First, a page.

During state banquets, Her Majesty’s staff are required to follow a serious protocol to keep her safe – and the lengths they go for her safety might surprise you.
A personal chef at the palace prepares the dishes for all of the guests. According to the New York Post, Elizabeth’s staff members then chose a random plate for her in an effort to prevent someone from poisoning her food.
The only way someone would be able to poison Queen Elizabeth is if they contaminated all of the dishes. This tactic has paid off so far, though we couldn’t imagine why someone would want to poison the Queen.
“After everything is plated up, a page chooses at random one of the plates to be served to her majesty,” Emily Andrews, a correspondent for the royals, shared. “So if anyone did want to poison the monarch they’d have to poison the whole lot.”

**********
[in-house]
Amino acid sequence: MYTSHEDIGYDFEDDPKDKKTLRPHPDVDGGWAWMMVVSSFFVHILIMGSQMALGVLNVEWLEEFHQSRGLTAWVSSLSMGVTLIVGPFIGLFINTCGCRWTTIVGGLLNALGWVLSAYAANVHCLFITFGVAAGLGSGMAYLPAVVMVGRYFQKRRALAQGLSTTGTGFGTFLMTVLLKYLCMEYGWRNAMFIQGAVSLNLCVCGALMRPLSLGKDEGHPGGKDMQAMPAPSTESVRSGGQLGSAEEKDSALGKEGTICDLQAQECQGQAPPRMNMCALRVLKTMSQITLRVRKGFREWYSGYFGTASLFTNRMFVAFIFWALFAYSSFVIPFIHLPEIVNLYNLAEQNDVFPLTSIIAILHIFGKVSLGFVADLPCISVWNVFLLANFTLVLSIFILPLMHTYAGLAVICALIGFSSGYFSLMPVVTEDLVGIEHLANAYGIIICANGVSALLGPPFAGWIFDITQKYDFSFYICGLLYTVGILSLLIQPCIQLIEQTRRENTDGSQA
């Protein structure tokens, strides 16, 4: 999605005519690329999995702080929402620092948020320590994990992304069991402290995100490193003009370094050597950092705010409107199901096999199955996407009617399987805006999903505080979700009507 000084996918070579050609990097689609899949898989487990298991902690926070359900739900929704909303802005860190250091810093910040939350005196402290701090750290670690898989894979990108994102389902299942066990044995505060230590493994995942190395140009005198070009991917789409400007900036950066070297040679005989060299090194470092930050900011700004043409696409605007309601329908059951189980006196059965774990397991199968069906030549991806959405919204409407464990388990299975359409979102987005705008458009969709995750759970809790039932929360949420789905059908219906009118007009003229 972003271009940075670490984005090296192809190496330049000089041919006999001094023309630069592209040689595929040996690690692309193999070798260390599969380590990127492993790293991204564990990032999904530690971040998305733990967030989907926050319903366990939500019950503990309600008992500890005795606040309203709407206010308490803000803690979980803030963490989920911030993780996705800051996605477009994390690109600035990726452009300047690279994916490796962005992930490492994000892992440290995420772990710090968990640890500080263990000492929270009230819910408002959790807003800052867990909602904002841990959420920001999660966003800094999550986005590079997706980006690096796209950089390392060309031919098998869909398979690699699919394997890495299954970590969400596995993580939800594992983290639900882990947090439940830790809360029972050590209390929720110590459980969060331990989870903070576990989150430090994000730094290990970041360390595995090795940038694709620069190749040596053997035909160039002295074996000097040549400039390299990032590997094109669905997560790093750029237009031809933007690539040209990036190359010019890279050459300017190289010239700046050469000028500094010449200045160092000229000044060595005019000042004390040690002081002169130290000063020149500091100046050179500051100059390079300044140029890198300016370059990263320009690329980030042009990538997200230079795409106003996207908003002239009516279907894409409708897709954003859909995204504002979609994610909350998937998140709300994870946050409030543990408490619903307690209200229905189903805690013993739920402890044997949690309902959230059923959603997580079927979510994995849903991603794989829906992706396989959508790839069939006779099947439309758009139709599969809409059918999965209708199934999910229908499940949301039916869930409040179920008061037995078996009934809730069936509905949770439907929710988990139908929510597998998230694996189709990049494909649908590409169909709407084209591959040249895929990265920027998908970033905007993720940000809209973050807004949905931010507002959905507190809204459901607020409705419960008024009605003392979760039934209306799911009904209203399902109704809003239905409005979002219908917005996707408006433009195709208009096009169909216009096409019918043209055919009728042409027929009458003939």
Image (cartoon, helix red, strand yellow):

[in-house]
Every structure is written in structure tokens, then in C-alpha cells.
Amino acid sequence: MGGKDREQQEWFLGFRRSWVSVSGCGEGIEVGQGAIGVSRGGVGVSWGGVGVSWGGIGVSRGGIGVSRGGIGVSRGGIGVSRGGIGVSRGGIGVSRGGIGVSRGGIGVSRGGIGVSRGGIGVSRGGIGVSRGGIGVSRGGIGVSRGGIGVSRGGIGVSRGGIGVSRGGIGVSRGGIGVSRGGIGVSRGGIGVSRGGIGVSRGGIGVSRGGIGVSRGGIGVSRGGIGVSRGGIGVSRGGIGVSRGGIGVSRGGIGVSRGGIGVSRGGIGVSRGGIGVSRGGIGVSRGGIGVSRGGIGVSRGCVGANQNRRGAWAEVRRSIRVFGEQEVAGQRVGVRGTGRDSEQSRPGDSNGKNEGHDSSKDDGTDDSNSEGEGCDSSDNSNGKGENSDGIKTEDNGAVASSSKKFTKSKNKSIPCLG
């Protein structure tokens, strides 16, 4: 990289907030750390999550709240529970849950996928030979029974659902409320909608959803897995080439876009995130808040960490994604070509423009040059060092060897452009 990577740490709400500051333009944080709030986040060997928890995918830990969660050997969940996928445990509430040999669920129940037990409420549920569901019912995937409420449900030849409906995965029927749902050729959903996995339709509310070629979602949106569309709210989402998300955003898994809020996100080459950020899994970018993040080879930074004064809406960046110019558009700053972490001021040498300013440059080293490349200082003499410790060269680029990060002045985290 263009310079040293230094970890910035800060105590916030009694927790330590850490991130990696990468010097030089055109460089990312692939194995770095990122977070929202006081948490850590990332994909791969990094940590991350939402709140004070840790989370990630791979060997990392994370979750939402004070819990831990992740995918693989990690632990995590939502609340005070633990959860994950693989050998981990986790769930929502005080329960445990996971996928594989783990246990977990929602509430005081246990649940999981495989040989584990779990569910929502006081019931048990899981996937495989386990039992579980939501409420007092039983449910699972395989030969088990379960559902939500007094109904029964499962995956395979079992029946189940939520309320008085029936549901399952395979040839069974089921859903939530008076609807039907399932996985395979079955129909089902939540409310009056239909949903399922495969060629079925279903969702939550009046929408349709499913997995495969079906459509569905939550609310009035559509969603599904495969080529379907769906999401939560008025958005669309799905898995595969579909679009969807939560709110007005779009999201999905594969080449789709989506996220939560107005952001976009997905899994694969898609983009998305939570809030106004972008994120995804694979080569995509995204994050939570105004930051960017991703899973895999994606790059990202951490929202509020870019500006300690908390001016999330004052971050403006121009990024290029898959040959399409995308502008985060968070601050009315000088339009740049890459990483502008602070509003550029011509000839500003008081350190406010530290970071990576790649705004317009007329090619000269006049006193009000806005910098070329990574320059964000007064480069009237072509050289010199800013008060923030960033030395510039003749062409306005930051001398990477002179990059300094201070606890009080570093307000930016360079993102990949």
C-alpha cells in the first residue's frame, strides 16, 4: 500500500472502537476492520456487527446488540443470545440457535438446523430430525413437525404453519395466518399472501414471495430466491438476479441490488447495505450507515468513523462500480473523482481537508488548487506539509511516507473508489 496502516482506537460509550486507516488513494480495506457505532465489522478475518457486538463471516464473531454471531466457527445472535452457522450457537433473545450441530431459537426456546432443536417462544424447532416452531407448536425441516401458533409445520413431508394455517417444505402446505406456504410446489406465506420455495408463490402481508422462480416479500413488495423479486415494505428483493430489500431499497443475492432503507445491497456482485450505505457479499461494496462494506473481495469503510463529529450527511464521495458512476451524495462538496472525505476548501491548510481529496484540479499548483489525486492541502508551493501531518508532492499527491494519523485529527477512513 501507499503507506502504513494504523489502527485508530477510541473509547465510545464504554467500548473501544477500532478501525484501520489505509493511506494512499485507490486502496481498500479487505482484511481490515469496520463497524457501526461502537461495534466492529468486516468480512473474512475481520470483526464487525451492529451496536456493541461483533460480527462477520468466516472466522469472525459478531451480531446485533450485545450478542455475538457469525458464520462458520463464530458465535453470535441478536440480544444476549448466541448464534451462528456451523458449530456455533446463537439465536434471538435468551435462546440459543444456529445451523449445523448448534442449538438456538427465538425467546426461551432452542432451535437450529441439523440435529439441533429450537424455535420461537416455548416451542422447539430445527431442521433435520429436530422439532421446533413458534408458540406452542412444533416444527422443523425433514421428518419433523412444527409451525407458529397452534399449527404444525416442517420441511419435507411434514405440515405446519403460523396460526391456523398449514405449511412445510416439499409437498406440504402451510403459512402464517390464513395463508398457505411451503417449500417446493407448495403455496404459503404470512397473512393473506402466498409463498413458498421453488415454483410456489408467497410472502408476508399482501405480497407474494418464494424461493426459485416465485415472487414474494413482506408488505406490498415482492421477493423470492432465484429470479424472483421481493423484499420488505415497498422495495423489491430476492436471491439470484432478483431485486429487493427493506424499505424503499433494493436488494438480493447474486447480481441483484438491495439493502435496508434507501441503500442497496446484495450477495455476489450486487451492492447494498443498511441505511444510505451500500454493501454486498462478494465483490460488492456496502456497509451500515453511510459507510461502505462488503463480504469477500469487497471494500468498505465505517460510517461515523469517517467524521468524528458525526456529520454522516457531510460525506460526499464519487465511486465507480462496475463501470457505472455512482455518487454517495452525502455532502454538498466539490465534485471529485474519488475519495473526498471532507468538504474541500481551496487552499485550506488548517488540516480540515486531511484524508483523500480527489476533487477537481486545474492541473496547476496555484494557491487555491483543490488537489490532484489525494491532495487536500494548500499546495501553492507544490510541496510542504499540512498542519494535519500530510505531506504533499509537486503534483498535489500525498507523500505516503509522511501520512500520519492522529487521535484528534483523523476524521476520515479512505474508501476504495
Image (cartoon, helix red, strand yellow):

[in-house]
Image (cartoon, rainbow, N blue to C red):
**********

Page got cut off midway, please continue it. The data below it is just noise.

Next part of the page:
The documentary also revealed that banquet guests are required to follow some strict rules while dining with Elizabeth Queen.
This includes finishing their plates before Her Majesty is done eating. This is an old tradition that used to be more of an issue in the past as guests would race to finish their food. It is unclear if the palace requires visitors to follow this protocol or if they have gotten more flexible in recent years.
There are, of course, plenty of other traditions guests are required to follow whenever they are eating with the Queen.
For starters, nobody sits down until Elizabeth has been seated. You also cannot start eating until she has taken her first bite.
Elizabeth also has a personal menu that has been crafted to her liking. She schedules her meals three days in advance to give the palace chef plenty of time to gather ingredients.
When picking her dining options, Elizabeth crosses out dishes she doesn’t like. She also crosses out entire pages whenever she has a royal event that evening and will not be dining in the palace.